Coal producer Alpha Natural Resources Inc.'s $7.1 billion takeover of rival Massey Energy Co. in June transformed the company into the world's third-largest producer of metallurgical coal, a key fuel for manufacturing steel. It also supplies thermal coal to electric utilities and manufacturing industries. Alpha has 5 billion tons of coal reserves and more than 180 mines and processing plants in Kentucky, Pennsylvania, Virginia, West Virginia and Wyoming.
While Alpha saw a benefit from the acquisition in the third quarter, it took over Massey at a time when the company's safety record was the focus of renewed scrutiny, after 29 miners died in an explosion at its Upper Big Branch mine in southern West Virginia. The April 5, 2010, tragedy was the deadliest at a U.S. mine since 1970 and remains the subject of ongoing civil and criminal investigations.
The blast wreaked havoc on Massey's business, and it reported four consecutive quarterly losses before Alpha bought it. Massey also struggled with the abrupt retirement of high-profile Chief Executive Don Blankenship, and turnover rates that topped 20 percent at times. Federal regulators cracked down on the company's problem mines. Massey also has a checkered environmental record.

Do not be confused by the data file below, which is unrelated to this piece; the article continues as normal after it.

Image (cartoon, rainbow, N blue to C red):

Alpha focused its efforts on righting the issues at legacy Massey operations, including having employees spend countless production hours in training for its "Running Right" program. The company said the program has yielded benefits, including declines in incident rates and lower employee turnover.
In a conference call with investors regarding the company's third-quarter financial results, CEO Kevin Crutchfield discussed the Massey Energy acquisition.
QUESTION: Have you seen any upside surprises from the Massey acquisition?
RESPONSE: Probably the most rewarding thing that we've seen so far is how receptive 7,300 people have been to this "Running Right" system. The stories that come out of this have just been overwhelmingly positive. And look, Rome wasn't built in a day. We're talking about a culture shift and it's going to take some time. ... From a value creation standpoint, the more we did the more we find. ... All in all, it's been a massive undertaking. Clearly the scale and scope is way beyond what we've attempted before, but I think we're approaching it the right way.